Rush Center for Congenital
and Structural Heart Disease







This is the 10th most common congenital heart disease amongst neonates. It is the 23rd most common congenital heart disease. It occurs in 0.07/1,000 live births.  





The following facts support that this is most probably an acquired disease in utero rather than an aberration of development:

  • Well formed pulmonary valve leaflets.
  • Size of pulmonary arteries.
  • Variable RV size.
  • Rarity of associated lesions.





The pulmonary valve annulus is usually small but not hypoplastic. The pulmonary valve leaflets are well formed but fused. The main pulmonary artery is small but rarely is atretic as seen with pulmonary atresia and ventricular septal defect. The patent ductus arteriosus is usually small because it carries blood from aorta to pulmonary arteries in utero and not the other way around as in normal. Therefore, much less blood travels through the PDA in utero. The right ventricle might be of several types.

Type I is tripartite.

Type II bipartite (atretic body).

Type III unipartite (atretic body and infundibulum).

Tricuspid valve might be deformed and stenotic.

Sinus nodes from the right ventricle cavity to myocardium and from myocardium to coronary arteries. Collateral circulation from the descending aorta to pulmonary arteries is rare. Other congenital heart disease is rarely associated with this one. Right aortic arch is not known to occur in pulmonary atresia with intact ventricular septum.






Egress of blood determines right ventricular pressure and size. The more egress through the tricuspid valve into the right atrium or sinus into coronary arteries the less is the RV pressure. The more the TR , the larger the right ventricle and right atrial sizes. The venous return will go from right atrium predominantly through a patent foramen ovale to the left atrium causing cyanosis. The patent foramen ovale will be restrictive but the pressure gradient is rarely more than 2-3 mm Hg. Children develop cyanosis after birth and a systolic murmur secondary to tricuspid regurgitation.  



Clinical Manifestations


At birth the ductus arteriosus provide pulmonary blood flow and there may or may not be cyanosis evident in the immediate neonatal period. As the ductus arteriosus close, there will be less pulmonary blood flow causing cyanosis.

Physical findings will be consistent with cyanosis, PDA murmur and a single second heart sound.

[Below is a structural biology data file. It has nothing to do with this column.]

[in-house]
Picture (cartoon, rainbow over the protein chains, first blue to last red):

Leftward axis in 77% will have 0-90 degrees QRS axis. This is due to absence of right ventricular predominance as is normally seen. Right axis deviation is seen in patients with pulmonary atresia and ventricular septal defect and with severe TR causing the RV to be dilated. In tricuspid atresia 16% have less than 0 degree QRS axis while in pulmonary atresia with ventricular septal defects 70% have more than 90 degrees QRS axis.





The chest x-ray shows a small cardiac silhouette.  However, in the presence of free tricuspid regurgitation there will be severe cardiomegaly which may lead to poor lung development as in patients with diaphragmatic hernias.  





Pulmonary blood flow is supplied through the patent ductus arteriosus. The valve leaflets are fused and there is variable hypoplasia of the right ventricle. The main pulmonary artery tends to be well developed and the PDA is usually tortuous and siphon shaped. The diameter of the tricuspid regurgitation obtained by color Doppler and size of the right atrium are good indicators of the severity of tricuspid regurgitation.  



Cardiac Catheterization


Rashkind atrial septostomy may be needed to allow right to left shunting across the atrial septum.  Cardiac catheterization is indicated in all cases to assess pulmonary arterial anatomy as well as coronary arterial to RV fistula.  





Prostaglandin E infusion is started to keep the ductus arteriosus open to provide pulmonary blood flow. Surgical pulmonary valvotomy with or without systemic to pulmonary arterial shunt depending upon the RV size. If the RV is small a systemic to pulmonary arterial shunt will be necessary to provide pulmonary blood flow until antegrade flow through the pulmonary valve is adequate. However, if the pulmonary arteries are not small then pulmonary valvotomy alone may be adequate.

Decompression of the artery by pulmonary valvotomy may cause reversal of flow in coronary artery to artery sinus nodes leading to poor myocardial perfusion. This is especially true with coronary artery stenosis. Therefore, right ventricular decompression should not be performed if coronary arterial stenosis is noted with sinus sites. In patients with small pulmonary arteries and placement of the systemic to pulmonary arterial shunt if the RV continues to be small and inadequate than a Fontan procedure may be performed. Patients with severe coronary to RV fistula may require cardiac transplantation. Sinuses are typically not present in patients with severe tricuspid insufficiency and a normal right ventricular size. In patients with significant tricuspid insufficiency and low RV pressure valvotomy may not result in effective forward flow through the right ventricle because of the tricuspid insufficiency.




Course and Prognosis